Tip Tuesday: Landing Patterns
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Pete Allum recounts the tale of a massive, elite demo, last minute style…
Words by Pete Allum – Photos by Zach Lewis & Ralph Wilhelm – Video by Zach Lewis
Until last week I had never been to China. So it was a real treat to be involved in the recent World Fly-in Expo in Wuhan, Hubei province. For so many reasons.
Firstly, thank you Solly Williams for asking me to help on the organizational side of the event, I have known him for many years and he brings heaps of experience and respect to any show.
The objective: With very short notice (this was August and the show started on the 1st of November), put together a 45 way formation and camera team at a massive air show in the centre of China, from 3 aircraft, from 11,000 feet.
The other team captains were, Marco Arrigo, Marcus Bastuck and Milko, between us all we assembled a clan that had to be able to build a formation in 30 seconds and be ready to deal with last minute changes and the usual adventures that accompany any trip to a distant land. The talent on the load included ex and current world champions as well as multiple world big way record holders.
Visas obtained (the first challenge), we met as a team on the 1st November and walked through our first jump, a 5 pointed star representing the one on the Chinese flag. Next challenge, sit down and discuss with the three pilot crews, via translators, the formation flying plan. What worked the best was getting them to dirt dive so we set up three mock aircraft with plastic chairs and ran through the sequence until it appeared that they had understood.
We had three days of practice before the show started and were hoping for 3-4 jumps a day to dial in the act. As is the way with huge affairs like this, the plan changed and we managed 4 practice jumps in total prior to the start. No problem, the pilots were improving on each jump and we had a plan for the skydive. The aircraft, a Y-12, looked very similar to a Twin Otter and were great to jump from.
The air show jumps were a pleasure, the ⭐️ built and with smoke being trailed from the aircraft and in the formation, the public were able to see it. After landing it would take on average 30 minutes to work through the massive and very appreciative crowd, each day a new sector of the local population would rock up to the show. Hubei province has approximately 19 million people in it and it felt like quite a large percentage made it to the show!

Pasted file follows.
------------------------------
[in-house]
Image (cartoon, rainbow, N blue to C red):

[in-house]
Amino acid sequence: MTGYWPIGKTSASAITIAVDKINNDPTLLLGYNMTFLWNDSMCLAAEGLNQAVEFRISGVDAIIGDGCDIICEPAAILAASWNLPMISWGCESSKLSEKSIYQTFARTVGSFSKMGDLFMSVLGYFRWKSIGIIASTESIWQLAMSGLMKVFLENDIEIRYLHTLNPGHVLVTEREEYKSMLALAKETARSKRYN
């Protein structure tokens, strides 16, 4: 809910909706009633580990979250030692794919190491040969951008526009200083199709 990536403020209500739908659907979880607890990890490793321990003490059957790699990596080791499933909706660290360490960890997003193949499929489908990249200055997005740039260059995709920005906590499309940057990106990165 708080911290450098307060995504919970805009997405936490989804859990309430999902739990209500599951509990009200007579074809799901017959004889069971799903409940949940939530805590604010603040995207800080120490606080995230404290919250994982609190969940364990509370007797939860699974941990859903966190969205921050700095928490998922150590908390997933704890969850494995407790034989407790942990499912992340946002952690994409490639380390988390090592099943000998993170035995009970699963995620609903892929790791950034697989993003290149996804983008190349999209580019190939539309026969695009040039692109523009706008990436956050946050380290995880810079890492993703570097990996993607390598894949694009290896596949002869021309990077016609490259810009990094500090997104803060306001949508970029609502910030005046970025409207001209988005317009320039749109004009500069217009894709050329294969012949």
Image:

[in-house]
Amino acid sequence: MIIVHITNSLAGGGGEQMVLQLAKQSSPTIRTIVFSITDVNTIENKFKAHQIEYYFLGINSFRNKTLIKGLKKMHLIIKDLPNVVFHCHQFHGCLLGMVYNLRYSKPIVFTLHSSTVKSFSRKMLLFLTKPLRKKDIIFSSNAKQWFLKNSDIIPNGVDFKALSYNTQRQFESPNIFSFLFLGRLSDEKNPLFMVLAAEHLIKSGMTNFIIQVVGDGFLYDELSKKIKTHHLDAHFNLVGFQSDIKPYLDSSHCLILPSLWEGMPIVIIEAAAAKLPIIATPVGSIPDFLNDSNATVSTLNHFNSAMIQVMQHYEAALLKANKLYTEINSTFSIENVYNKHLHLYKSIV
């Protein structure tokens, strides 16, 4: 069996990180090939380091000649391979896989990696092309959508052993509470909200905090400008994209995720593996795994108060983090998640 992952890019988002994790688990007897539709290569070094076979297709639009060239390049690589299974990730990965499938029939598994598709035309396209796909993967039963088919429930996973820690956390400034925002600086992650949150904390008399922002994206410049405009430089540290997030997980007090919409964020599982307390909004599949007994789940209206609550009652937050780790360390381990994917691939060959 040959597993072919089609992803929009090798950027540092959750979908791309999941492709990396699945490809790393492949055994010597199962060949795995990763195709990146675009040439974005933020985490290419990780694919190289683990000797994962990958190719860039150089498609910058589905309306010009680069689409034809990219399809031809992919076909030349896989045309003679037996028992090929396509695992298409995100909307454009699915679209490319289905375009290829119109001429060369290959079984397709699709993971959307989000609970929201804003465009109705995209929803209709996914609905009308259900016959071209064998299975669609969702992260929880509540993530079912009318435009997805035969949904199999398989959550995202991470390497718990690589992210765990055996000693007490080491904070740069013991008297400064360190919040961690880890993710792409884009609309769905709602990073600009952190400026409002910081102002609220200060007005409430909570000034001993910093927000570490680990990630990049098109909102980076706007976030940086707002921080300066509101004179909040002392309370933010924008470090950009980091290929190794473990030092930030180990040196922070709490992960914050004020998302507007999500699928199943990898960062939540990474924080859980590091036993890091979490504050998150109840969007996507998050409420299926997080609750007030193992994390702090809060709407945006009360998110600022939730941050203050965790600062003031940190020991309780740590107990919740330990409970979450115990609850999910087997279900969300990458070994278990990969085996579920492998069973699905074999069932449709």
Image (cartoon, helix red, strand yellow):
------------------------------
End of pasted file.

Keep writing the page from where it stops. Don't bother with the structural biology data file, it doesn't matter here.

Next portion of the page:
Now the star was built we could try something a little more challenging, the Chinese flag. This was going to prove a little more difficult but in the end the clan flew it beautifully.
Other excitement at the show: Every day there were mass balloon starts, Paramotor records, gyrocopter formations, aerobatics, jets, plus all the usual and not so usual craft. The local skydivers did some impressive demos setting off massive fireworks under canopy and bringing in some big no contact stacks. They also set up a rock concert for the evening's entertainment.
We did however have a real treat saved for the last day… the evening before the last day we had finally worked out where the VIP lounge was and had been welcomed in with open arms by our new best friend, Mr Lee. This was where we found out that there was going to be a world record 100 balloon flight, with 100 couples getting married in them the next morning. The evening progressed, as they often do and by the time we arrived back at the hotel, two of our party had decided to ask if they could also join the record. The organizers loved the idea and Milko and Sian became pair number 100! Congrats!
The last day of the show ended up being competition day for us. One of the objectives of the show was to showcase formation skydiving, so the organizers asked us to put something together. We split into three 15 way teams and the goal was to see how fast each team could build the letters WFE (World Fly-in Expo).
Marco’s team walked away with the honors and at the closing banquet we were all presented with medals and some stirring closing speeches. What a great crew of people to share this adventure with! The ‘no whining’ rule was completely respected and we did our best to showcase our beautiful sport to the Chinese public. How many of us, as kids went to an air show and were impressed by either an aircraft or parachute display and then went on to make it our passion?
How many of us, as kids went to an air show and were impressed by a display and then went on to make it our passion?